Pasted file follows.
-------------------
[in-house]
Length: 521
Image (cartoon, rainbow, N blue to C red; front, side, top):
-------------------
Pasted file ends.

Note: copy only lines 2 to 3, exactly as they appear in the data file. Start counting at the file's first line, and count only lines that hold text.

Length: 521
Image (cartoon, rainbow, N blue to C red; front, side, top):